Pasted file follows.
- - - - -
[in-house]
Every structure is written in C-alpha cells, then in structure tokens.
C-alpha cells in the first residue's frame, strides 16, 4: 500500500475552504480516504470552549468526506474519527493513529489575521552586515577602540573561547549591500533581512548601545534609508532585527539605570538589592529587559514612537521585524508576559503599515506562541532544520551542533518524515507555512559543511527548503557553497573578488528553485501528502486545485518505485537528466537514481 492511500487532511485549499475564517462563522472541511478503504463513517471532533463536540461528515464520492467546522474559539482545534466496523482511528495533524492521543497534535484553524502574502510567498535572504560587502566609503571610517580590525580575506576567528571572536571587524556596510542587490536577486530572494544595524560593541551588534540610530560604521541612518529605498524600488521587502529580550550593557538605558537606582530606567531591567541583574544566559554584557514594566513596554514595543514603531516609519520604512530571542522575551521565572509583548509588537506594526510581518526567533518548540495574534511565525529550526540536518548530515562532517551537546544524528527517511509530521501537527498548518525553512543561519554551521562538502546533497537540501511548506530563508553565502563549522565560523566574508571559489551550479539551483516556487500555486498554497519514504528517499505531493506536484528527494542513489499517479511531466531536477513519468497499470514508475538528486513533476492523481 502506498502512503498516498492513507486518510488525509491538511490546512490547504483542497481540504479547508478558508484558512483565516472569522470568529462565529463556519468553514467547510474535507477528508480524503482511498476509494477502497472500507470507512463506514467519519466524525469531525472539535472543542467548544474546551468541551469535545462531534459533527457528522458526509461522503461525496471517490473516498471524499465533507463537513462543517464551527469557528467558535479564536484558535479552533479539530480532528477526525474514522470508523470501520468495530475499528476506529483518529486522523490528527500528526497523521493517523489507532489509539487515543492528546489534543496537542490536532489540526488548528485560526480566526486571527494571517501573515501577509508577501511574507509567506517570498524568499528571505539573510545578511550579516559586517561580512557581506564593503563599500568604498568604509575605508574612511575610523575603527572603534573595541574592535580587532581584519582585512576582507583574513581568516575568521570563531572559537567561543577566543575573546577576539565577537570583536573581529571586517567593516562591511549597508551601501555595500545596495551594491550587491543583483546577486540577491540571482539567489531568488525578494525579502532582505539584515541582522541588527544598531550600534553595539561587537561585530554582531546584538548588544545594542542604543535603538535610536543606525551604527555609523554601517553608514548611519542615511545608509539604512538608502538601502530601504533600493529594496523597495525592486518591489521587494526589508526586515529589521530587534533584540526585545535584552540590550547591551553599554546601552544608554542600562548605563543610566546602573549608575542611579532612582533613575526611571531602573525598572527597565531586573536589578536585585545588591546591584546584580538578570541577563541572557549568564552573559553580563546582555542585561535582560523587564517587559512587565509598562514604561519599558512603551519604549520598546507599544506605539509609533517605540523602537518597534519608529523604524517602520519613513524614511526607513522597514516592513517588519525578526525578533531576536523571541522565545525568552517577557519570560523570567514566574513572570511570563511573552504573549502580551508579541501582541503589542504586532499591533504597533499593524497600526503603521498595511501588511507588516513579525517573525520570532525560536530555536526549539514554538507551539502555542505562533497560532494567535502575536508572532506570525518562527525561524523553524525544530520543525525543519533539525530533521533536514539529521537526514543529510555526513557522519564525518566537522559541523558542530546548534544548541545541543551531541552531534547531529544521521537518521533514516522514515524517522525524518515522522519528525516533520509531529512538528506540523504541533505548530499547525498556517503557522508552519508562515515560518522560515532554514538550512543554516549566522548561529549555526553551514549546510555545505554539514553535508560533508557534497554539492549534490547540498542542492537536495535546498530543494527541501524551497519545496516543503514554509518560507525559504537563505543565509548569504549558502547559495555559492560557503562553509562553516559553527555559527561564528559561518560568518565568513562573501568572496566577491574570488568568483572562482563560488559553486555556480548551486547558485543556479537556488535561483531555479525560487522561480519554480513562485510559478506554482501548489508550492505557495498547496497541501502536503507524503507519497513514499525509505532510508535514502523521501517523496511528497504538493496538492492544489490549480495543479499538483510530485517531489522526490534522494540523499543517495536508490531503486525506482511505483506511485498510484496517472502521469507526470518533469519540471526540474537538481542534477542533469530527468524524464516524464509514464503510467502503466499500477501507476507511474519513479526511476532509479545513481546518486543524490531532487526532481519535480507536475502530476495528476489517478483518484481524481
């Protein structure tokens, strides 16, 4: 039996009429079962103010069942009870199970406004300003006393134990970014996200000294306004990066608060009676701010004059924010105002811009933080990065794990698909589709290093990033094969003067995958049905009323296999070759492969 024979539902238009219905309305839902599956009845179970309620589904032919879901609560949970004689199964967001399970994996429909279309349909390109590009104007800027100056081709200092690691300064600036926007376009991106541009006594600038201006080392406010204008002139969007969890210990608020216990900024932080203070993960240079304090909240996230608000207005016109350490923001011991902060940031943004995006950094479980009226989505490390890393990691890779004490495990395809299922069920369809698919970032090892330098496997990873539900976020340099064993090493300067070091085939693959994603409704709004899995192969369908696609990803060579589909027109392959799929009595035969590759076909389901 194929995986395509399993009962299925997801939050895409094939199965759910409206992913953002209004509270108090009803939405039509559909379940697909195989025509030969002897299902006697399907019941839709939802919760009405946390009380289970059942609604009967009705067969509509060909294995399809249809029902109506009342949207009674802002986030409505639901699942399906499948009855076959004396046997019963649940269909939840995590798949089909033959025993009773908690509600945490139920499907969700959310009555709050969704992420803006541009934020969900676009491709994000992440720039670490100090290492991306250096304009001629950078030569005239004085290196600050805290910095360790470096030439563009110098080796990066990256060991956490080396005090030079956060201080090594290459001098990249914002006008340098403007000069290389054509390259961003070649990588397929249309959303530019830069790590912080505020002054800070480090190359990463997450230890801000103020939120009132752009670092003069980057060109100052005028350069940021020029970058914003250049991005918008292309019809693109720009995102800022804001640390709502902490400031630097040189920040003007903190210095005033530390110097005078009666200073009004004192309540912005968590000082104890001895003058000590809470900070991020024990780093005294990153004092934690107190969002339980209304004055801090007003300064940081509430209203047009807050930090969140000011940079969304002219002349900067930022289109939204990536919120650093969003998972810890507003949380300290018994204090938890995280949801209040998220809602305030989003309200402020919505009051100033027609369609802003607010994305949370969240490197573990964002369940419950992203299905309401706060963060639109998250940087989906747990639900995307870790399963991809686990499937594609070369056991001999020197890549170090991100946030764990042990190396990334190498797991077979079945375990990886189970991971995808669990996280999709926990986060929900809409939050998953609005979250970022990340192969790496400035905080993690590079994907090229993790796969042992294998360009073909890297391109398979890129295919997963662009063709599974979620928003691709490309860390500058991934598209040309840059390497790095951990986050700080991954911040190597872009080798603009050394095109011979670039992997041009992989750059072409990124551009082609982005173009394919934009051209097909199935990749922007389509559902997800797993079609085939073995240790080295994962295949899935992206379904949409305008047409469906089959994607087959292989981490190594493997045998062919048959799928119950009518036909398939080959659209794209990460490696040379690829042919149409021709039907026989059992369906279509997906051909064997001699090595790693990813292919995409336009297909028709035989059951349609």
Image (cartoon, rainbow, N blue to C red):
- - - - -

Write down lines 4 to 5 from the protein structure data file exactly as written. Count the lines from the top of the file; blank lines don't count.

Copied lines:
């Protein structure tokens, strides 16, 4: 039996009429079962103010069942009870199970406004300003006393134990970014996200000294306004990066608060009676701010004059924010105002811009933080990065794990698909589709290093990033094969003067995958049905009323296999070759492969 024979539902238009219905309305839902599956009845179970309620589904032919879901609560949970004689199964967001399970994996429909279309349909390109590009104007800027100056081709200092690691300064600036926007376009991106541009006594600038201006080392406010204008002139969007969890210990608020216990900024932080203070993960240079304090909240996230608000207005016109350490923001011991902060940031943004995006950094479980009226989505490390890393990691890779004490495990395809299922069920369809698919970032090892330098496997990873539900976020340099064993090493300067070091085939693959994603409704709004899995192969369908696609990803060579589909027109392959799929009595035969590759076909389901 194929995986395509399993009962299925997801939050895409094939199965759910409206992913953002209004509270108090009803939405039509559909379940697909195989025509030969002897299902006697399907019941839709939802919760009405946390009380289970059942609604009967009705067969509509060909294995399809249809029902109506009342949207009674802002986030409505639901699942399906499948009855076959004396046997019963649940269909939840995590798949089909033959025993009773908690509600945490139920499907969700959310009555709050969704992420803006541009934020969900676009491709994000992440720039670490100090290492991306250096304009001629950078030569005239004085290196600050805290910095360790470096030439563009110098080796990066990256060991956490080396005090030079956060201080090594290459001098990249914002006008340098403007000069290389054509390259961003070649990588397929249309959303530019830069790590912080505020002054800070480090190359990463997450230890801000103020939120009132752009670092003069980057060109100052005028350069940021020029970058914003250049991005918008292309019809693109720009995102800022804001640390709502902490400031630097040189920040003007903190210095005033530390110097005078009666200073009004004192309540912005968590000082104890001895003058000590809470900070991020024990780093005294990153004092934690107190969002339980209304004055801090007003300064940081509430209203047009807050930090969140000011940079969304002219002349900067930022289109939204990536919120650093969003998972810890507003949380300290018994204090938890995280949801209040998220809602305030989003309200402020919505009051100033027609369609802003607010994305949370969240490197573990964002369940419950992203299905309401706060963060639109998250940087989906747990639900995307870790399963991809686990499937594609070369056991001999020197890549170090991100946030764990042990190396990334190498797991077979079945375990990886189970991971995808669990996280999709926990986060929900809409939050998953609005979250970022990340192969790496400035905080993690590079994907090229993790796969042992294998360009073909890297391109398979890129295919997963662009063709599974979620928003691709490309860390500058991934598209040309840059390497790095951990986050700080991954911040190597872009080798603009050394095109011979670039992997041009992989750059072409990124551009082609982005173009394919934009051209097909199935990749922007389509559902997800797993079609085939073995240790080295994962295949899935992206379904949409305008047409469906089959994607087959292989981490190594493997045998062919048959799928119950009518036909398939080959659209794209990460490696040379690829042919149409021709039907026989059992369906279509997906051909064997001699090595790693990813292919995409336009297909028709035989059951349609």
Image (cartoon, rainbow, N blue to C red):